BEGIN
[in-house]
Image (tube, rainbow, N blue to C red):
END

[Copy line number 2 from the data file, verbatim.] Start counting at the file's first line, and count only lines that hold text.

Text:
Image (tube, rainbow, N blue to C red):